Where I'm Coming From

I wasn’t around long enough to have to experienced punch cards or paper tape.

My first computer used a television as a monitor and could only save to audio tape.  I first learned to program in BASIC when it was the only real option and back then I found it was faster to simply re-type programs most of the time.  The command line was my friend and I still use it a lot (as well as key combinations).

I got to spend some time on BBSes before the internet was a normal thing to have access to.  In fact, I used to have some of the basic modem commands memorized.

Printers were an expensive dream until I was a teenager when my parents got me my first computer with a hard drive.  It was a 100mhz 486 (one of the last of the 486s actually) that I eventually modded the living daylights out of and dubbed Frankenstein because it was cheaper than buying a new computer (being a kid, I didn’t have a lot of money).  With it, they got me a dot matrix printer which actually had an LCD display and menus (it was a real geek printer).

Back then, Sneakernet was almost the only way to get new and interesting software and information if you weren’t lucky enough to have BBS access.  The other way was the meager software selections that some stores offered (there was actually a store in my small hometown that sold copies of shareware games and applications.  It became a big deal to us).

I remember when AOL finally got dial up numbers even remotely close to us.  We were all still running Windows 3.1x and my friend was the only one of us who had a modem.  His mother (who basically claimed me as another son) got an account for us and we inevitably racked up an insane phone bill because it turns out the number they gave us was just out of local calling range.

(This is the point at which I thank her for not killing us.  Thank you, Kim.)

We discovered IRC.  I still remember #kwik-e-mart fondly (!squishy).

(I should also make a comment here which will only make sense to a very small handful of people who might come across this – “Bob Dole wants out!”)

My two friends and I learned HTML (later joined by another friend), made websites on geocities when it was still the best option out there, and got Hotmail accounts because it was the only way we could all have email addresses.  From there, we began learning more (we even took a stab at Java 1) and started talking to people around the world who had similar interests, making many friends along the way.

I remember when MP3s came out (and was upset when Frankenstein was too slow to play them).  I also remember the mod file scene that came before it.  In fact, I think I still have a copy of Cubic Player and a stack of floppies worth of mod files around here somewhere.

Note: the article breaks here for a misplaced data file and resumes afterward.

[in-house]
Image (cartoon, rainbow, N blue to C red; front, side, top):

Sometime while all of this was happening, an ISP started up in the next town over.  They had all of a couple of modems in the beginning and the speeds were horrible, but it was better than AOL.  By this point, we had all gotten modems and could do things from our own homes instead of Eric’s or the library (as long as our parents didn’t threaten to kill us for tying up the phone line).

We kept learning new things and meeting new people.  Some of us even went on to meet at least a few of the people we met online in person and got very close to some of them.  Good times were had, in one case love was found, and tragedies were shared (not least among them was when a very good friend that I’d gotten to know over the course of several years died along with her two children in a car crash late one night).

We were introduced to Linux back when it was only practical to buy on CD and was a pain in the ass to install and get working (It ate my hard drive.  I’m glad it’s much easier now.).  Before then, the only Unix machines we had ever seen were at the other end of a very long strand of wire that made ear-splitting squealing sounds if you listened to it.

Between the start of it all and now, a lot of things have happened.  New computers, new technologies, a great deal of learning, meeting and losing friends, high school graduation, college and graduation from there, the rise of the search engine, and a lot of other things of a personal and technical nature.

Here’s to hoping that we get to keep learning and meeting new people.  I wish you luck, my friends, wherever you are.  I remember the time fondly and hope that you are all well.